The market for OTT live streaming is not only on the rise, but is also becoming a larger part of the overall OTT streaming market in general.  According to Conviva’s Industry Data, live streaming already consists of 20% of streamed video.  The most popular programs watched are sports, news, live events (such as Pope coverage, The Oscars), and OTT delivery of linear TV channels such as CNN, ABC, CBS, etc.

On the face of it, live streaming and on-demand streaming seem to have a lot in common: They are viewed on the same devices and delivered using the same codecs and protocols. However, unlike on-demand streaming, live streaming happens in real-time, bringing with it many challenges related to video processing and delivery.

Timing is everything

For on-demand video, the timing of content availability is important, but not critical.  Episodic content is prepared months in advance, and even if content is relevant for that same day, there is still some time to prepare it beforehand.  When encoding video, having more time means that more complex encoding tools can be used to improve video quality, even if encoding takes longer. For example, two-pass encoding, which first analyzes a video and then sets the best encoding parameters based on the analysis, can be performed when doing offline encoding of on-demand streaming content.

For live video, encoding has to take place on-the-fly, with minimal delay.  Nothing (at least in my eyes) is more annoying than watching a live football broadcast on the Internet, and seeing a touchdown only after hearing the (crazy loud) cheers from the next-door neighbors…

Simply put, since live video encoding needs to happen in real-time, the added encoding speed requires a tradeoff on video quality.  Two-pass encoding can’t be used, and some of the encoding tools need to be relaxed to meet the real-time constraints, resulting in a lower video quality.

Multiple formats at once

Streaming applications typically require encoding content in various formats (both codecs and protocols), in order to support different devices such as web browsers, mobile phones, streaming boxes and game consoles. When creating content for on-demand streaming, you can initially create only a limited range of formats (based on device popularity), and after releasing the content, you can expand the range of supported devices further by creating more formats.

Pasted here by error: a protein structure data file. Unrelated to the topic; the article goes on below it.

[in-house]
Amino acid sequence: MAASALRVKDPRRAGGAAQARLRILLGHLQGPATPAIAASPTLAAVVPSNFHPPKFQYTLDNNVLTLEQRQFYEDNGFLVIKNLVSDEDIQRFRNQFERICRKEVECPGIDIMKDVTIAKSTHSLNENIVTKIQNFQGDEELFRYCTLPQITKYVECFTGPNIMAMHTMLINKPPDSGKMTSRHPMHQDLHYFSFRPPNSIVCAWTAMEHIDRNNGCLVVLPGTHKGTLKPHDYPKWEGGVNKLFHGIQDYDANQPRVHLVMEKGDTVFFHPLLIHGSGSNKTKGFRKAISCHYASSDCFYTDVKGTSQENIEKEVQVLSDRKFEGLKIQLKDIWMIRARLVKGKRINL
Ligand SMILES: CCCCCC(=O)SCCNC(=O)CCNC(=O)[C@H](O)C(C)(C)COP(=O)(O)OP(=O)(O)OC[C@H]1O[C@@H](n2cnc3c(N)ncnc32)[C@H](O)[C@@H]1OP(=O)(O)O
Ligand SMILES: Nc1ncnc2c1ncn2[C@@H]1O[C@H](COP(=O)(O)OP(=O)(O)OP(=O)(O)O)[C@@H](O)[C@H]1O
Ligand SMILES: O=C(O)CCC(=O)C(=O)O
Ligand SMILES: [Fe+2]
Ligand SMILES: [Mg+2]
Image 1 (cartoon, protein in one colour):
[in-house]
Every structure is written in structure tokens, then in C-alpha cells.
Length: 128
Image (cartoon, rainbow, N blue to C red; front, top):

With live streaming, however there is no second chancefor releasing the content to more devices: content is viewed in real-time, so all formats have to be prepared at once.  This creates an additional processing burden, which requires extra computing resources.

Sometimes tradition is less dedicated

Its interesting to compare live streaming with traditional live broadcast over terrestrial antennas.  With traditional broadcast, a single antenna can serve millions of viewers, who are watching the same program at the same time.  Having more viewers does not change the viewing experience for anyone, and doesnt require any dedicated additional transmission powerfrom the antenna.

With live streaming, each viewer has a unicast connection to the streaming server, meaning that a dedicated stream is sent from the broadcaster to that viewer.  Now, multiply the typical bandwidth of a live stream (that can be around 1 Megabit per second) by the millions of viewers watching an NBA game or the Papal Visit simultaneously; and the end result is an enormous bandwidth demand that needs to be supported over the (somewhat congested) network.

Clearly, processing and delivering live streaming is technically more challenging than on-demand streaming.  And subscribers, who always expect a great viewing experience, do not care about any technical issues, so the challenge is only the content providers to solve.  

Clearly, being a big fan of media optimization, I believe that as the demand for live streaming increases, the bitrate of live streams delivered over the Internet needs to decrease. Otherwise we will all suffer from the outcome of congestion